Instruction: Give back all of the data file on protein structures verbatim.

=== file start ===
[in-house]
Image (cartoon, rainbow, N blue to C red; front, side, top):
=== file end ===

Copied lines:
[in-house]
Image (cartoon, rainbow, N blue to C red; front, side, top):